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  • In an afternoon at the airport when I was four, my relatives told me my mother has gone to work and she would be back soon, in fact she has left for America to seek a better future for both of us. I don't remember crying much, because I seriously believed that my mother just went to work, and she will be back soon.

    The rest of the years until I became 14, I grew up with my grandparents.

    First, I would always write essays about my grandfather in elementary school, describing his character, how much books he collected, how well-respected he was, and how I admired him. Because most of the time, I argued with my grandmother. She was a quick-tempered grandma, but a worried grandma like everyone else who cared. I thought she was difficult and stubborn. But now, I only know that I was the same.

    After I moved to America to reunite with my mother when I was 14, I didn't have the perspective to see what my future has in store for me. All I know is that, this is only the beginning of losing someone I love so dearly.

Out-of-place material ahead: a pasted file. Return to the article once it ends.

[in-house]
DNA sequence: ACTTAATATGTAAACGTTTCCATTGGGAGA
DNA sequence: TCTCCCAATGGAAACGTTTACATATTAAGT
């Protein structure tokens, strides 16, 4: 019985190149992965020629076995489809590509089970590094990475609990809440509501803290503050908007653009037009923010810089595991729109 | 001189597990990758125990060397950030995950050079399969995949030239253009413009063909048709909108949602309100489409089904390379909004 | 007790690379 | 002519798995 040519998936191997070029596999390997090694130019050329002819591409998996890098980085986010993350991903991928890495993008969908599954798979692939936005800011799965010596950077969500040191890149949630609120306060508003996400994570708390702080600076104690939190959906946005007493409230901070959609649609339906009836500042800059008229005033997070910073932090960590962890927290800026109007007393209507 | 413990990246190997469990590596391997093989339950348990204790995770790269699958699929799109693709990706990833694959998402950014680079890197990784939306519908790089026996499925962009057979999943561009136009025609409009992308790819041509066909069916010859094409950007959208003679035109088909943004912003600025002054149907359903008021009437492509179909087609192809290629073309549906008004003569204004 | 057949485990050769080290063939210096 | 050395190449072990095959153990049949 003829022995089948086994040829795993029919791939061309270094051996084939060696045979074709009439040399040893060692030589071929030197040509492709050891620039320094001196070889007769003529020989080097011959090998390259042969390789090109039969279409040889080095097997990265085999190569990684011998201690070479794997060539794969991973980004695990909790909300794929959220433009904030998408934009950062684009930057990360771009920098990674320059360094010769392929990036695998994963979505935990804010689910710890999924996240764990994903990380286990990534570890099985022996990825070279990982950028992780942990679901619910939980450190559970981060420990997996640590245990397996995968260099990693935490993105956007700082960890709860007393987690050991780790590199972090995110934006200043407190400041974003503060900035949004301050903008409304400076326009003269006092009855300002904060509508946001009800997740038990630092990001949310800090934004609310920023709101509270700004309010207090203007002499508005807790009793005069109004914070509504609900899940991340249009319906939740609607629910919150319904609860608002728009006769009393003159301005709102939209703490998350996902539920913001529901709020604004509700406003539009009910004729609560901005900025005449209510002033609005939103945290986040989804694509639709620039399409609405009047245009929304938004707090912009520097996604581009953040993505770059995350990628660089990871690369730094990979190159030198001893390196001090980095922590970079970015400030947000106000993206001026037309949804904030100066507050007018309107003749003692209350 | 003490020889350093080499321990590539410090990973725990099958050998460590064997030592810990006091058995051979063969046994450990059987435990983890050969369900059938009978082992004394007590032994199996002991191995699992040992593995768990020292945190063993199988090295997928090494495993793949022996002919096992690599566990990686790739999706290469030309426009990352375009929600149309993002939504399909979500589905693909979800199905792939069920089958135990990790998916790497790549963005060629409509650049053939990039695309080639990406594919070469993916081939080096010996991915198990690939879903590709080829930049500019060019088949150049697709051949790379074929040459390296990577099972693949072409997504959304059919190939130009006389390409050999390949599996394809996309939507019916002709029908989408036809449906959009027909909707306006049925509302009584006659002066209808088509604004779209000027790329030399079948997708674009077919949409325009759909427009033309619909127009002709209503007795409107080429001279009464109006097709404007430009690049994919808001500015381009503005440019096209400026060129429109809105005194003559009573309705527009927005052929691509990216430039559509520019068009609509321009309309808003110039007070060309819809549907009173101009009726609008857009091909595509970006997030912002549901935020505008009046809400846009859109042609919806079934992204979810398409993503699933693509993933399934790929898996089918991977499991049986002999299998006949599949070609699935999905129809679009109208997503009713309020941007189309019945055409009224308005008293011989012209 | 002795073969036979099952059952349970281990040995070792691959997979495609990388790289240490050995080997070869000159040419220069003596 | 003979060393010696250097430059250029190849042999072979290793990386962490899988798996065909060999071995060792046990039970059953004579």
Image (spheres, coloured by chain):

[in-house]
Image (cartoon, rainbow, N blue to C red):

I would dream about combing my grandmother's thick, black, long hair. I would dream about lying beside her when she has trouble sleeping. I would miss her voice, her tiny figure, and wish that I am there to hold her hand when she's sick.

    I often get depressed about the fact that I felt lonely as a child, that I am always on the edge, that I never felt the same as my peers. After hearing me sobbing on the end of the phone, my grandma cried, and she told me that she has felt the same as a child, that her mother died when she was young, and grew up in a household of a stepmother and the stepmother's children. But nonetheless, she had her grandmother, and her grandmother loved her dearly.

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